Last week, I read Rabbi Eric Yoffie’s blog posting about PM Netanyahu’s recent appearances on American television wherein the Prime Minister condemned the Obama Administration’s policy of setting no red lines regarding Iran’s acquisition of nuclear weapons. Rabbi Yoffie’s assertion in the article is one that I have heard from no few friends who are strong supporters of President Obama, namely that the Israeli PM’s appearances on American television amount to meddling in the US Presidential election and that Netanyahu appears to have taken sides, supporting Gov. Romney. Rabbi Yoffie correctly notes that whether or not this was PM Netanyahu’s intent, appearing to choose sides could impair cooperation between the government of Israel and US officials connected to the Democratic party.
That said, is it reasonable to ask the Prime Minister of Israel not to advocate for a stronger policy on Iran’s nuclear weapons program through November 6? To ask that the PM not attempt to make concern about Iran, an existential issue for Israel, more of a campaign issue? Recently, Rabbi David Wolpe, not exactly a right-wing Republican (his prayer opened the Democratic National Convention) stated in a feature article for Time that he would be voting in this election on one issue alone, Iran. Rabbi Wolpe thinks it reasonable to name the fact that Iran should be The Issue and he is clearly a Democrat. So can one say that the Israeli Prime Minister cannot point out that it should be a bigger issue in the election when it concerns his nation? None of this excuses PM Netanyahu’s precise action of going on American television and speaking forcefully against the policies of the Obama Administration, something which is easily seen as attempting to interfere, to meddle, to take sides.
Here is what I believe. The election needs to be about the issues, not the issues about the election. In other words, whether or not PM Netanyahu should have gone on American television to challenge the President’s policy, the issue that we should be discussing should not be the elections, but the issue of Iran and what to do about it. The response to PM Netanyahu by Democrats should not be “Don’t meddle in the elections,” but “You’re wrong and here’s why?” The discussion is in the wrong place. We’re heading in the wrong direction. We need to turn, to make teshuva.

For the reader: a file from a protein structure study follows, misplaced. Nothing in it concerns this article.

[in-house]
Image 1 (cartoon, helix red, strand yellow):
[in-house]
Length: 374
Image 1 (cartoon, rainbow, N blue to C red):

Iran continues to march toward Nuclear weapons capability and there is some difference between the official position of the Obama Administration and that of the Netanyahu Administration on the issue of Iranian nuclear weapons.
- The Obama Administration has stated strongly that it will not allow Iran to obtain a nuclear weapon. On Tuesday, the President said these very words in his speech to the United Nations.
- The Israelis believe that Iran cannot be allowed to achieve the capability of creating a nuclear weapon, something that it believes is a matter of months away. Also as noted by PM Netanyahu in his speech to the United Nations.
The difference in these policies may not appear to be great, but it is. Once capability has been achieved, a nuclear weapon may be created in a very short additional period of time. The Israelis believe that Iran will achieve capability in six to seven months and that progress needs to be halted with red lines put in place immediately because Iran is already further than it should be allowed to go with enrichment of uranium.
If Iran will achieve capability in six to seven months and could create a weapon possibly in a few more months after that, the issue is indeed an urgent one, potentially even worthy of coming on American television shows and shouting about it. It is time to stop saying what we feel about the possibility of Iran acquiring either nuclear weapons capability or a nuclear weapon and start demonstrating by word and deed what we are prepared to do about it and when.
We need to make teshuva, to turn our attention to the issue at hand, preventing Iran from threatening the peace of the region, the existence of Israel, and our way of life. It should not be PM Netanyahu’s job to tell Americans to advocate for Iran’s nuclear program to be an issue in the election and to motivate both candidates to take strong positions. It should be our job. Let us speak out. Regardless of who wins the election, we need the President of the United States in January, 2013 to deal with the Iranian threat.